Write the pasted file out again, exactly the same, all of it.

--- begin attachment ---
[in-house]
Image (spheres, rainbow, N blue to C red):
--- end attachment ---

[in-house]
Image (spheres, rainbow, N blue to C red):